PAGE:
Behind Mitch Trubisky’s benching and Nick Foles’ rally

Foles got red-hot, leading the Bears to another improbable comeback — this one a 30-26 victory against the hapless Falcons.

SHARE Behind Mitch Trubisky’s benching and Nick Foles’ rally

Nick Foles threw three touchdowns in the fourth quarter to rally the Bears.

AP Photos

ATLANTA — The decision wasn’t made quickly, but the declarations were.

Mitch Trubisky had thrown another inexcusable interception in the third quarter Sunday — to a zone defender he didn’t see, with his team trailing by 13 points — when he jogged to the sideline at Mercedes-Benz Stadium.

Offensive coordinator Bill Lazor gave him the news.

‘‘Nick is up,’’ he said.

Backup Nick Foles got his promotion from coach Matt Nagy.

‘‘You’re in,’’ Nagy said. ‘‘Get warm.’’

And then Foles got red-hot, leading the undefeated Bears to another improbable comeback, this one a 30-26 victory against the hapless Falcons. Foles threw three touchdown passes in the last 6:20 of the game — totaling 20 points in 4 minutes, 27 seconds of football time — to rally the Bears from a 16-point deficit.

The Bears became the first team in NFL history to win two games in the same season in which they had trailed by 16 or more points entering the fourth quarter, according to the Elias Sports Bureau. And they’ve done it in three weeks.

Trubisky, of course, rallied the Bears to victory in the season opener against the Lions. Now, while Nagy wouldn’t say it outright, he has lost his starting job.

Nagy debated replacing Trubisky — who finished 13-for-22 for 127 yards, with a touchdown, an interception and a 71.8 passer rating — at halftime. The offense had no energy, he said, and little rhythm.

‘‘There was just something missing,’’ Nagy said.

The interception — to cornerback Blidi Wreh-Wilson, standing to the right of tight end Jimmy Graham — did Trubisky in. It felt like the right time, Nagy said, to make a move that seemed inevitable when the Bears traded a fourth-round draft pick for Foles during the offseason.

‘‘We discussed it, but we wanted to be able to go out and just kind of get a feel for how things would go,’’ Nagy said. ‘‘Then when that interception occurred, I think you just kind of felt like, ‘OK, we’ve got to make a move here.’ ’’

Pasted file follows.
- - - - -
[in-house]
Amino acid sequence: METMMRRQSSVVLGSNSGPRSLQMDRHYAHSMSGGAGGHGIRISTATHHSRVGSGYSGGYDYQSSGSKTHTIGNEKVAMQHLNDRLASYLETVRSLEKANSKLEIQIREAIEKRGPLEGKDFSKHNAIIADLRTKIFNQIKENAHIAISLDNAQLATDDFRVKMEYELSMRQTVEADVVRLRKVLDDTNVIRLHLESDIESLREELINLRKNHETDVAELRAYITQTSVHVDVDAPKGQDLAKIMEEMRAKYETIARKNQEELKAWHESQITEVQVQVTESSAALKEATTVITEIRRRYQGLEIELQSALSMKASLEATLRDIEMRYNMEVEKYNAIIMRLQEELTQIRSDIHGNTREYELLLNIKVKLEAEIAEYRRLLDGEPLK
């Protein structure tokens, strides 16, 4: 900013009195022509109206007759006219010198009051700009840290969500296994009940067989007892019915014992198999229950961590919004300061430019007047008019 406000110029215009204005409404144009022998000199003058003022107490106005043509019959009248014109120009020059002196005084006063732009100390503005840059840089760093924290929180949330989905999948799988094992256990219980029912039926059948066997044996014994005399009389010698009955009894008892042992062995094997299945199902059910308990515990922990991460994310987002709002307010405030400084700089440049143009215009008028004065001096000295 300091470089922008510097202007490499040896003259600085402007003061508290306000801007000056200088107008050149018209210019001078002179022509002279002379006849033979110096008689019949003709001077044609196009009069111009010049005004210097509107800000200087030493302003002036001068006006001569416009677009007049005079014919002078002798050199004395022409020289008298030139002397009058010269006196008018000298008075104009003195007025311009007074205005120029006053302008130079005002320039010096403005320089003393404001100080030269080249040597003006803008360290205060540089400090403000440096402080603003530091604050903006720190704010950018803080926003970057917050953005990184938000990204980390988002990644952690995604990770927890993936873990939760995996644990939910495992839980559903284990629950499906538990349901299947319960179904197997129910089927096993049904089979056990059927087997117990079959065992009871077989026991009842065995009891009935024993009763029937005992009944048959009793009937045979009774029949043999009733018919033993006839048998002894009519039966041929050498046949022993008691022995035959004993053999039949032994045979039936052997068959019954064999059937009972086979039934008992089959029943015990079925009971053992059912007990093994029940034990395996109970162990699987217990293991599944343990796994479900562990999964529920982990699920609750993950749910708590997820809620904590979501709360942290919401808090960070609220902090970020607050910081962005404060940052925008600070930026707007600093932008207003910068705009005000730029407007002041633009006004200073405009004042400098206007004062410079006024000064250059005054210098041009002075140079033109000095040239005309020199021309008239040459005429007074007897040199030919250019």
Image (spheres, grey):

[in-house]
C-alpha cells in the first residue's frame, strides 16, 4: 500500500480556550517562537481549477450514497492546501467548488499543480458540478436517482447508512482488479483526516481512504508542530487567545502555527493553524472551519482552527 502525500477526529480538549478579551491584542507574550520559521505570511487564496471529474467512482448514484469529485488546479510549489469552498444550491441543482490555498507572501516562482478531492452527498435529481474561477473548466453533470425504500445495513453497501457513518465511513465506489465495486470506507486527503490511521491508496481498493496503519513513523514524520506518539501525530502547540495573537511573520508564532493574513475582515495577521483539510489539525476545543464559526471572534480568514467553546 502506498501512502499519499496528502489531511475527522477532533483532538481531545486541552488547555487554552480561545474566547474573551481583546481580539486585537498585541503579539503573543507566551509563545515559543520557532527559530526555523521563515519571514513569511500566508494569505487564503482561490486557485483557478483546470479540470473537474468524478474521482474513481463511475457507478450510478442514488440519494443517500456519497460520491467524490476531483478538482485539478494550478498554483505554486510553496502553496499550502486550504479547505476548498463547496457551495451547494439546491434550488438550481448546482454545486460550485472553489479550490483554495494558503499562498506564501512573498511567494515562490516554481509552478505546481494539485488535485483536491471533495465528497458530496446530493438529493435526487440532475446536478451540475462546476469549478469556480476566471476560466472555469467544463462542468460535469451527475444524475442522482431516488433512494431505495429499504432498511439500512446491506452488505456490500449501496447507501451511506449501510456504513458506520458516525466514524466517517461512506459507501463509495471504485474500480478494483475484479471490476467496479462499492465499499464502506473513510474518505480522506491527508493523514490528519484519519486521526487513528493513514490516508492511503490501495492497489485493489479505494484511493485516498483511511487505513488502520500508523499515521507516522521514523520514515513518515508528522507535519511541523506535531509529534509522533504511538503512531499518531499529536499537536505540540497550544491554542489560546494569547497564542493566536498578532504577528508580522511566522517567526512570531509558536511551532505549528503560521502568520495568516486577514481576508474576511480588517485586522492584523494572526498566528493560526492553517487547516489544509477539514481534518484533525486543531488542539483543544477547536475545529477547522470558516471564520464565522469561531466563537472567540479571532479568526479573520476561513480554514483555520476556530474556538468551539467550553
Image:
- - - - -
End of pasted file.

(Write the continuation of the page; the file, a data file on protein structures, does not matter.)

Foles put on his helmet and began talking to his linemen and receivers. Trubisky kept his helmet on but walked farther down the sideline, alone.

‘‘The only thing I can control is me playing better when I have those reps in the first half, and I didn’t do that,’’ Trubisky said. ‘‘So I gave [Nagy] the opportunity to pull me. He did.’’

One of the passes that will haunt Trubisky was his overthrow of a wide-open Anthony Miller on a third-and-two deep shot with a minute left in the first half. Had the pass been two yards shorter, Miller would have had a touchdown and Trubisky probably would have kept his job.

Amazingly, Foles ran the same play for the game-winner. The ghosts of blown leads past — a 20-point deficit erased by the Cowboys last week and, of course, the 28-3 Super Bowl rally by the Patriots — long ago had crept into the Falcons’ minds by the time Foles huddled his teammates during the two-minute warning. The Bears were down three and facing third-and-eight from the Falcons’ 28.

The Bears called two plays in the huddle, knowing the Falcons could blitz. Foles told Miller that if they did, he would loft the ball to the red ‘‘L’’ in ‘‘ATL’’ painted in the end zone.

When Foles sensed a zero blitz — one without safety help behind the cornerbacks — at the line of scrimmage, he checked the Bears into the right play and lofted the throw a split-second before getting crunched to the ground. Miller, lined up in the left slot, ran a post route past Wreh-Wilson, dove and caught the ball precisely on the ‘‘L.’’

Foles executed throughout his relief stint, even as the Falcons knew he would be throwing on almost every down. He completed 16 of 29 passes for 188 yards and finished with a 95.2 passer rating.

Amazingly, five of his six possessions — not counting the kneel-downs — ended in the end zone. Allen Robinson thought he had a touchdown, but the ball was wrestled away by cornerback Darqueze Dennard for an interception. Miller thought he caught a touchdown on a fourth-and-17 play, but the ball hit the ground. Both plays initially were ruled touchdowns but were overturned by replay.

Foles didn’t give his teammates a pep talk, but he stayed in their ears.

‘‘I don’t really worry about the score,’’ he said, ‘‘because you can’t score 16 points with one throw. You can only score six.’’

He did that two other times in the fourth quarter: a three-yard pass to Jimmy Graham, which cut the Falcons’ lead to 10, and a 37-yard pass to Robinson, who caught the ball at the 28 and ran through two arm tackles.

The Bears sealed the game with about a minute to go when safety Tashaun Gipson picked off Falcons quarterback Matt Ryan at the Bears’ 24.

Gipson was wowed by his own quarterback.

‘‘At the end of the day,’’ Gipson said, ‘‘what he did was nothing short of amazing.’’

The Latest
Algunos empresarios están llenando los vacíos existentes en comunidades que no cuentan con una cadena de café que ofrezca bebidas y comidas especiales.
Using the state to push religion on public schoolchildren isn’t so much when it’s another religion being pushed.
Two men were found unresponsive Sunday morning inside a Jeep Cherokee, each with multiple gunshot wounds.
The Broncos, Jets, Lions and Texans unveiled new uniforms, and Sun-Times ''experts’’ Patrick Finley and Brian Sandalow judge their appeal.
Jimenez had been out for a month with a strained left hamstring.